Latin America sliding into a deep recession, say banks

. Mar 19, 2020
Latin America sliding into a deep recession, say banks

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We’re covering the growing fears of recession in Latin America. Jair Bolsonaro mimicking Donald Trump. And the lack of control in Brazilian airports.

Recession up ahead for Brazil and Latin America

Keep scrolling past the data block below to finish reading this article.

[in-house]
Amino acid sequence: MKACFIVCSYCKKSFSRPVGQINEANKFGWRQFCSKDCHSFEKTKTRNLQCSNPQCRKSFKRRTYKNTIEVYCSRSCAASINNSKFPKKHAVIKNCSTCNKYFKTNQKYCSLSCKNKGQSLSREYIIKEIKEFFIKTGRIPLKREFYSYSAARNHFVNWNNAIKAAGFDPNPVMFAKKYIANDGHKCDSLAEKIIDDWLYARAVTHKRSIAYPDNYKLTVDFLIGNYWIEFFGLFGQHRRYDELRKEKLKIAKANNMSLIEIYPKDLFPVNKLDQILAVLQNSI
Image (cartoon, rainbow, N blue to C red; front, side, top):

appears that the Covid-19 crisis has <em>finally</em> sunk in for the Brazilian government. Except for the Health Ministry, the administration had resisted going all-in with measures to prevent an economic collapse. But as awareness about the virus goes up, recession gets closer. That is what Gregory Daco, chief U.S. economist at Oxford Economics, calls the &#8220;Lockdown Paradox.&#8221; The steps to prevent a full-scale health emergency—such as closing shops, restricting transportation, or social distancing people from one another—are the very same that will drive countries to a recession.</p> <p><strong>Grim scenario.</strong> Most banks are slashing growth projections for Brazil and Latin America, forecasting negative growth in 2020. Goldman Sachs, the most pessimistic of them all, cut its <a href="">GDP prediction for Brazil</a> by 3.1 percentage points, to -0.9 percent. The bank says that the global economy shouldn&#8217;t head to a scenario worse than the 2008 financial crisis.</p> <ul><li>There is just too much uncertainty to say that, however. As Santander&#8217;s economist Maurício Oreng said during a conference call, &#8220;forecasts will be constantly revised from now on,&#8221; as conditions shift rapidly.</li></ul> <div class="flourish-embed flourish-chart" data-src="visualisation/1616974"><script src=""></script></div> <p><strong>Stimulus.</strong> In addition to <a href="">stimulus measures</a> announced on Tuesday, the Brazilian government plans to launch BRL 200 vouchers to financially support 18 million families of self-employed or informal workers that may require government assistance for three months. Overall, the “corona-voucher” will cost the government BRL 15 billion and depends on the Senate approving a declaration of a state of calamity, which it will vote on today.</p> <p><strong>Jobs.</strong> Companies will be allowed to reduce workers&#8217; hours and salaries by up to 50 percent. The move aims at avoiding layoffs, but it will further <a href="">reduce people&#8217;s purchasing power</a>—which has already been down since 2014.</p> <p><strong>Interest rates.</strong> The Central Bank drove Brazil&#8217;s benchmark interest rate to a new low, from 4.25 to 3.75 percent a year. No more cuts are expected—and the rate could even go up in 2020, as “additional monetary easing could become counterproductive.”</p> <ul><li>As the U.S. Dollar gains value against emerging currencies, the Central Bank announced it will use USD 31 billion for a temporary buyback of Brazilian foreign debt bonds. The last time it pulled such a move was in 2008.</li></ul> <p><strong>Why it matters.</strong> A new recession in Latin America will have serious political implications—especially for a president as polarizing as Jair Bolsonaro. He has been scolded for his erratic reaction to the crisis—and for a <a href="">second straight day</a>, Brazilians in big urban centers took to their windows, banging pots and shouting against his administration.</p> <figure class="wp-block-embed-twitter wp-block-embed is-type-rich is-provider-twitter"><div class="wp-block-embed__wrapper"> <blockquote class="twitter-tweet" data-width="550" data-dnt="true"><p lang="en" dir="ltr">In São Paulo&#39;s South Zone, people shout &quot;Bolsonaro out,&quot; and &quot;Beat it, scum.&quot; hey even have fireworks against the president. <a href=""></a></p>&mdash; Gustavo Ribeiro (@gnribeiro) <a href="">March 18, 2020</a></blockquote><script async src="" charset="utf-8"></script> </div></figure> <hr class="wp-block-separator"/> <h2>Mimicking Trump</h2> <p>Jair Bolsonaro and his family have recently copied a page from U.S. President Donald Trump&#8217;s playbook on how to deal with Covid-19: by going after Beijing. While Mr. Trump calls the novel coronavirus the &#8220;Chinese virus,&#8221; Congressman Eduardo Bolsonaro—the president&#8217;s son—has been even less subtle. He compared the outbreak to the Chernobyl disaster and said &#8220;it&#8217;s China&#8217;s fault&#8221; for hiding the true extent of the crisis for months.</p> <p><strong>Why it matters. </strong>As noted by Oliver Stuenkel, an international relations professor at Fundação Getulio Vargas: &#8220;Eduardo Bolsonaro&#8217;s attack against China is calculated and makes total sense: [it] diverts attention from the government&#8217;s incoherent response to the pandemic and mobilizes supporters against a common enemy. [He] will try to whip up anti-communist and nationalist sentiment.&#8221;</p> <p><strong>Reaction.</strong> The Chinese Embassy in Brasília reacted furiously on social media, saying Mr. Bolsonaro&#8217;s words were irresponsible and demanding an &#8220;immediate withdrawal and apology to the Chinese people.&#8221; It also claimed that Eduardo Bolsonaro had &#8220;contracted a mental virus&#8221; while in Miami.</p> <p><strong>Picture du jour.</strong> Mr. Bolsonaro&#8217;s constant attempts to ape Donald Trump—coupled with his fumbling with a face mask—led to this juxtaposition:</p> <figure class="wp-block-image"><img src="" alt="March 9 cover of The New Yorker (left), and Jair Bolsonaro on March 18." class="wp-image-33407" srcset=" 1024w, 300w, 768w, 610w, 1280w" sizes="(max-width: 1024px) 100vw, 1024px" /><figcaption>March 9 cover of The New Yorker (left), and Jair Bolsonaro on March 18.</figcaption></figure> <hr class="wp-block-separator"/> <h2>Border controls—for some</h2> <p>President Jair Bolsonaro announced this week the partial shutdown of Brazil&#8217;s northern border with Venezuela. Only the circulation of people will be affected, while the entry and exit of goods will remain cleared. The move seems more like another of Mr. Bolsonaro&#8217;s rhetoric stunts than an actual sanitary measure, as airports in Brasília and São Paulo have yet to bring in any sort of screening measures for the 165,000 who arrive daily from Europe and the U.S. And the National Surveillance Agency says it doesn&#8217;t plan to begin doing so.</p> <p><strong>Why it matters.</strong> The conduct goes against international protocols. In places like the U.S., China, South Korea, or Argentina, passengers&#8217; temperatures have been measured upon arrival, in order to prevent more imported cases of Covid-19.</p> <p><strong>Test, test, test. </strong>Mass testing was South Korea&#8217;s way to flatten the progression curve of the virus. But the Brazilian government still only runs tests on more severe cases—against <a href="">World Health Organization recommendations</a>. This could lead Brazil to become the new Italy in the coronavirus pandemic.</p> <div class="flourish-embed flourish-chart" data-src="visualisation/1592842"><script src=""></script></div> <hr class="wp-block-separator"/> <h2>What else you need to know today</h2> <ul><li><strong>Lockdown.</strong> In São Paulo, shopping malls and gyms will remain closed until the end of April. Mayor Bruno Covas has forbidden shops to open—only supermarkets, bakeries, pharmacies, restaurants, gas stations, and fruit and vegetable markets will operate. In Rio de Janeiro, Governor Wilson Witzel is weighing up lifting utility bills for 60 days and shutting down mass transportation.</li><li><strong>Aviation.</strong> A majority stakeholder in one of Brazil&#8217;s largest airlines says the sector will take at least two to three years to recover from the Covid-19 crisis—even with the <a href="">government&#8217;s help</a>. The executive told <strong>The Brazilian Report</strong> that mergers and acquisitions will be the only way to make air travel profitable in the short-term future. The problem? The market is already highly concentrated as it is.</li><li><strong>Prisons.</strong> Rio de Janeiro&#8217;s most overcrowded prison has four suspected Covid-19 cases. After testing, the inmates were put back in their cells—as the facility has no space to quarantine them. Brazil&#8217;s penitentiary system is a cesspool of human rights violations and most facilities fail to offer basic sanitary conditions. If the outbreak really does reach our prisons, <a href="">it could be a doomsday-like scenario</a>. Meanwhile, states are restricting prisoners&#8217; visitation rights—which may fuel tensions even further.</li><li><strong>Basic products.</strong> The Federal Institute of Rio de Janeiro, a publicly-funded university, has started to produce alcohol-based hand sanitizer and awaits the green light from the National Sanitary Surveillance Agency to distribute the product for free. The move could help poorer populations access the basic materials used to prevent coronavirus transmission. As we reported on our <a href="">Covid-19 live blog</a>, many companies have used the crisis to jack up their prices—according to the private hospitals association, masks worn by healthcare professionals are now 581 percent more expensive.</li><li><strong>We need blood.</strong> As people put themselves into self-isolation, blood banks have begun experiencing shortages. Medical authorities in São Paulo report a 30-percent fall in the number of donors over the past ten days. Blood stocks were already low, and now could be completely erased.&nbsp;</li><li><strong>Food supplies. </strong>Agriculture Minister Tereza Cristina said on Wednesday that Brazil’s agribusiness sector has not been hit by the coronavirus outbreak—and that food supply will continue. “Brazil is a major producer, and no negative outlook is warranted regarding food shortages,” said Ms. Cristina. According to the National Supply Company (Conab), Brazil’s 2020–2021 grain harvest is estimated at 252 million tons, a 4.1-percent bump from the 2019–2020 period. Monitoring carried out by the Agriculture Ministry has not found any indication of possible food shortages in Brazil.</li><li><strong>Last Tango in Buenos Aires?</strong> The Argentinian government has suspended tango classes and performances—as well as <em>milongas</em>, traditional tango gatherings, for at least 15 days. According to the <a href="">Center for Systems Science and Engineering</a> (CSSE) at Johns Hopkins University, Argentina has recorded 97 Covid-19 cases and two deaths. All countries in Latin America have been affected.